1. Robin Wright – House of Cards (“Chapter 32”)
  2. Taraji P. Henson – Empire (“Pilot”)
  3. Viola Davis – How to Get Away with Murder (“Freakin’ Whack-A-Mole”)
  4. Tatiana Maslany – Orphan Black (“Certain Agony of the Battlefield”)
  5. Elisabeth Moss – Mad Men (“Person to Person”)
  6. Claire Danes – Homeland (“From A to B and Back Again”)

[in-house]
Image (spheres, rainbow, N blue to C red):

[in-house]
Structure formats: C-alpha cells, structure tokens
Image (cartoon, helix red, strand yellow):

Woof…can we have a six way tie here? Seriously, this is the strongest category I’ve encountered so far. Any of these actresses would be deserving. Honestly, I really only have Danes at sixth because she already has two Emmys, and I believe a third Emmy win should be reserved for something truly transformative. Elisabeth Moss is sweet and the scene where her character is on the phone  with Stan is the series finale highlight for me. Both Davis and Henson are fierce, but I have to admit, I prefer Henson’s complete abandon and uninhibitedness over Davis’s firebrand intensity. Now…Maslany. Sigh…it’s hard putting her in fourth. I’ve been a fan of Tatiana Maslany before most other Americans were. As someone who watches a lot of Canadian television, I’ve loved her since her days on renegadepress.com (so her scenes with Ksenia Solo made me esp. happy). After having watched most of season one of Orphan Black, I knew that not only should Maslany get nominated, she should win. I stopped watching the show however because I realized that even though Maslany’s performance was great, I couldn’t force myself to like the show. It’s just not the sort of show I enjoy. However, I still rooted for her during her second season, and I was crushed when she was snubbed yet again. This year…I literally jumped for joy when Tatiana Maslany’s name was announced. And I was so looking forward to watching her tape. Look, Maslany’s wonderful. The way she goes from one role to the other is flawless. I know I should only be judging the performance itself…but what kept Maslany from being my number 1 pick was the fact that I found the episode way too confusing. I had no clue what was going on. So, it was hard for me relate emotionally to whatever Maslany was doing. The confusion distracted me from truly letting her work soak in. But, again, any of these 6 should/could win. But it’s just weird because I came into this project believing Maslany would be my undeniable number 1 choice.